Education and Remembrance on the Banks of the James

by Jon Baliles

The Virginia War Memorial sits solemnly upon the edge of Oregon Hill overlooking the city and the James River and honors the 12,000+ Virginia names of those who have fallen in service of our country since 1956. But in recent decades, it has become a place of education as well as of remembrance.

In 2010, the memorial opened the E. Bruce Heilman Amphitheater overlooking the city and hosts annual Memorial Day and Veterans Day ceremonies plus other events. That same year the memorial also opened Paul and Phyllis Galanti Education Center, named after the retired U.S. Navy Commander Paul Galanti, a Richmonder who was a prisoner of war from 1966 to 1973, and his late wife, Phyllis Eason Galanti, who never ceased in her efforts to bring him and other POW’s home. The center includes classrooms, a theater, and space for exhibits. The memorial’s five acres of green space has also grown with the planting of 87 trees, 375 shrubs, 553 perennials and hundreds of groundcover specimens that earned the Common Wealth Award by the Garden Club of Virginia.

Clay Mountcastle, memorial’s director, told Richmond Magazine, “One of the best ideas Virginia ever had was to add a museum and education center to make it a living memorial.”

In early 2020, the memorial added the C. Kenneth Wright Pavilion, which includes a new Shrine of Memory listing the names of 175 Virginians who have died in the global war on terrorism on the outside and the inside space includes a lecture hall, a Medal of Honor Gallery and the Veterans’ Changing Art Gallery, which showcases the art from Virginia veterans.

Those additions have expanded the memorial’s education efforts. There are more than two dozen Virginians at War”documentary films and more than 1,300 hours of recordings. Two new documentaries include “One Week in October,” that looks at the 1983 bombing of the Marine Corps barracks in Beirut and the U.S. invasion of Grenada.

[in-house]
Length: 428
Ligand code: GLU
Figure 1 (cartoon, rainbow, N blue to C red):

A recent 25 minute film entitled “50 Years Beyond: The Vietnam Veteran Experience”accompanied a recent exhibit and featured stories of 50 Vietnam veterans from across Virginia and video excerpts of each veteran telling their story. Part of that film and exhibit will be featured at the Pentagon later this year (and you can still view at the memorial and online).

Two new documentaries include “One Week in October,” that looks at the 1983 bombing of the Marine Corps barracks in Beirut and the U.S. invasion of Grenada.

Next week, on D-Day (June 6th), the new exhibit “D+80: Virginians in the Normandy Invasion,” will mark the 80th anniversary of the Allied invasion of Normandy in World War II. You may know that the official D-Day Memorial was located in Bedford County, Virginia to honor the men of the 116th Infantry Regiment of the 29th Division. Bedford has the somber distinction of suffering the country’s highest known per capita loss on D-Day.

31 of the 37 Bedford men assigned to Company A were in the first wave at Omaha Beach. Of the 26 men who reached the beach, 16 were killed and four wounded in the opening minutes and three were unaccounted for and presumed killed in action. Another Bedford soldier was killed in action elsewhere on Omaha Beach with another company that morning.

The “D+80” exhibit will include historic photographs, artifacts, uniforms and weaponry and, most notably, incorporate previously unseen footage of eyewitness accounts provided to the Virginia War Memorial by World War II veterans more than 20 years ago.

“With this exhibition, we hope visitors can connect with these emotional stories that truly capture how soldiers were feeling before, during and after the landing. Imagine the power of hearing about the invasion in the words, and the voices, of those who were there,” Mountcastle says.

Virginia’s memorial and education center is one of a kind in the nation.

“Some have monuments, and some have museums, but none have the active programming we have or the education and outreach that we do,” Mountcastle says. “When people arrive here, they are surprised to see what we have to offer. There’s so much to see and do.”

Republished with permission from RVA 5×5.

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